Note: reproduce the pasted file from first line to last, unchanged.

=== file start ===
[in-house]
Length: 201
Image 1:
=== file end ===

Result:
[in-house]
Length: 201
Image 1: